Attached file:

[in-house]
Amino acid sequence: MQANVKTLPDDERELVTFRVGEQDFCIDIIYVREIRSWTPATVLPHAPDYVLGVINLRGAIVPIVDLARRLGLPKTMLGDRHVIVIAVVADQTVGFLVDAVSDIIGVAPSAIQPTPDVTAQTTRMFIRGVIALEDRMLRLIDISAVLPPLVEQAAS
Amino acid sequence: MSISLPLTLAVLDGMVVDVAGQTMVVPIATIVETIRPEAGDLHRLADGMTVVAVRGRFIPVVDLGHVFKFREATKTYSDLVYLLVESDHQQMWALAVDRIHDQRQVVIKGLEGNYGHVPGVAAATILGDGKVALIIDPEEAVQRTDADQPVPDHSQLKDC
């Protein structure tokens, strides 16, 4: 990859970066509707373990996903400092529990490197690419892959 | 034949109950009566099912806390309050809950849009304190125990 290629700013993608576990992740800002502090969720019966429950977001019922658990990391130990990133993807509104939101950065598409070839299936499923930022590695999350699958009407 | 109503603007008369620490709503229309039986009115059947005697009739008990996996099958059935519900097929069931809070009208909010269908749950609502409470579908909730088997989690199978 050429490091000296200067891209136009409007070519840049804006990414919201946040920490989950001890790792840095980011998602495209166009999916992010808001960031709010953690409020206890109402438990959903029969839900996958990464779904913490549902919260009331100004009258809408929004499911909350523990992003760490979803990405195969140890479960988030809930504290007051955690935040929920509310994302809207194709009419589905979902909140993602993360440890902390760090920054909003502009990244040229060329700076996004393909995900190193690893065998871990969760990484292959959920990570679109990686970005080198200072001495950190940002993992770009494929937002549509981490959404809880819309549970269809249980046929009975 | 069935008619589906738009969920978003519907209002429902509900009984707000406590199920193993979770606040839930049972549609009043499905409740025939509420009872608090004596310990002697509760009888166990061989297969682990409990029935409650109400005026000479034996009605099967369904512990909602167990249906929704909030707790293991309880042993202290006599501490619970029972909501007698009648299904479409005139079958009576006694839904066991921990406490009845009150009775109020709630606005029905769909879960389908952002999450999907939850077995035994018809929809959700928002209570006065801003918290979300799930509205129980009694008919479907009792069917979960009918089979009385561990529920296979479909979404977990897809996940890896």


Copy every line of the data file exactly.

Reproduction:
[in-house]
Amino acid sequence: MQANVKTLPDDERELVTFRVGEQDFCIDIIYVREIRSWTPATVLPHAPDYVLGVINLRGAIVPIVDLARRLGLPKTMLGDRHVIVIAVVADQTVGFLVDAVSDIIGVAPSAIQPTPDVTAQTTRMFIRGVIALEDRMLRLIDISAVLPPLVEQAAS
Amino acid sequence: MSISLPLTLAVLDGMVVDVAGQTMVVPIATIVETIRPEAGDLHRLADGMTVVAVRGRFIPVVDLGHVFKFREATKTYSDLVYLLVESDHQQMWALAVDRIHDQRQVVIKGLEGNYGHVPGVAAATILGDGKVALIIDPEEAVQRTDADQPVPDHSQLKDC
């Protein structure tokens, strides 16, 4: 990859970066509707373990996903400092529990490197690419892959 | 034949109950009566099912806390309050809950849009304190125990 290629700013993608576990992740800002502090969720019966429950977001019922658990990391130990990133993807509104939101950065598409070839299936499923930022590695999350699958009407 | 109503603007008369620490709503229309039986009115059947005697009739008990996996099958059935519900097929069931809070009208909010269908749950609502409470579908909730088997989690199978 050429490091000296200067891209136009409007070519840049804006990414919201946040920490989950001890790792840095980011998602495209166009999916992010808001960031709010953690409020206890109402438990959903029969839900996958990464779904913490549902919260009331100004009258809408929004499911909350523990992003760490979803990405195969140890479960988030809930504290007051955690935040929920509310994302809207194709009419589905979902909140993602993360440890902390760090920054909003502009990244040229060329700076996004393909995900190193690893065998871990969760990484292959959920990570679109990686970005080198200072001495950190940002993992770009494929937002549509981490959404809880819309549970269809249980046929009975 | 069935008619589906738009969920978003519907209002429902509900009984707000406590199920193993979770606040839930049972549609009043499905409740025939509420009872608090004596310990002697509760009888166990061989297969682990409990029935409650109400005026000479034996009605099967369904512990909602167990249906929704909030707790293991309880042993202290006599501490619970029972909501007698009648299904479409005139079958009576006694839904066991921990406490009845009150009775109020709630606005029905769909879960389908952002999450999907939850077995035994018809929809959700928002209570006065801003918290979300799930509205129980009694008919479907009792069917979960009918089979009385561990529920296979479909979404977990897809996940890896």